Skip Navigation

1. Posted by drdrjones (Full Member 18 posts) 10y

Hi,

I just wanted to get people's views on Uluru (Ayers Rock)...
It obviously has a drawing towards it, but I specifically wanted to find out what people make of climbing up to the top...

When I get there I'm in two minds as to what to do - You are permitted to go up to the top, but it is frowned upon by the aborigines which I'm strongly taking into consideration.

It's a dilema about whether to do something for one time only in your life, or respect the locals beliefs. What do you all think?

Chris :)

2. Posted by gezred (Budding Member 53 posts) 10y

This is an extract off the Lonely planet site:

'But when I made my way out to the rock on Tuesday, the climbing entrance area was cordoned off and the chain-path was closed - clearly, strictly, no exceptions allowed. Signs stated that due to the death of the elder, climbing was not being permitted at this time. A park ranger explained that the elder had been a member of the Mala tribe that was traditionally responsible for the ancient path the climbing route follows, and that the path was closed as part of the practices associated with the period of mourning.

Most of the visitors around me seemed to accept this, but a few were outraged. 'What the bloody hell is this all about?' one Aussie said to me. 'I'm just gonna go tomorrow and bolt up the hill, mate - what can they do?'

And I overheard a Brit turn to his group and mutter, 'We've come all the way around the world for this?'

Over the next few days news reports said that tourists had begun to complain about the closure of the climb and to agitate for it to be opened again'

I cannot believe this... this is single minded selfish idiot TOURISTS at it again... show some respect for these aborigines, it's NOT your right to do whatever you want just because you have paid to get there.

Phew, said my peace, I feel really strongly about this.

Lynz x

P.S. google earth shows a really good view of it!

3. Posted by johnnyr (Budding Member 17 posts) 10y

For me climbing on the top was the most awe inspiring thing I did in
Australia, and it should not be denied by anyone. People compare it other religous sites, but to me if this is a sacred site, why did they build a road within 20 metres of the rock??? The only reason they gave at the cultural centre for why not to climb, was because the aborigines would be upset if you fall and hurt yourself.I am aware that certain things are disrespectful, this did not strike me as that. To be honest though it is down to you, I made a judgement when I got there, I didn't know if I was going to do it on the way. It just seemed right that its my choice, it was the perfect end to my own personal pilgrimage. Regret it? Absolutely not.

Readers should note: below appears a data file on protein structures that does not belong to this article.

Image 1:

4. Posted by drdrjones (Full Member 18 posts) 10y

Thanks for your post Lynz. I know what you mean about the morality of it. I was thinking about it, and it reminded me of when I was in the Jewish sector in Prague... There were signs all around the memorial building asking people not to take pictures of the thousands of names (of Czech Jews who had died in the Holocaust) written on the walls, but some idiots just didn't take any notice! Really bugged me, but they weren't gonna understand if I complained at them...

I'm happy to travel thousands of miles to see Ayers Rock - I don't need to stand on top of it to appreciate it.

5. Posted by grannelly (Budding Member 31 posts) 10y

Hey I went to Uluru in October. I didn't climb uluru. my tour guide was against it, and quite rightly. And it is practically avertical climb. Walking around Uluru was enogu, just looking at the rock and all the erosion that has occured over the years. And you can still take sum pics of certain bits of the rock. Watchin the sun rise and set on the rock was a great experience. Hope this helps, Neil.

6. Posted by Sander (Moderator 4811 posts) 10y

Quoting grannelly

And it is practically avertical climb.